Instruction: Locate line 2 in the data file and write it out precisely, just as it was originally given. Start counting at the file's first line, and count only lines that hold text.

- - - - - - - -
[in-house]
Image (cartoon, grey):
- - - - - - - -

Image (cartoon, grey):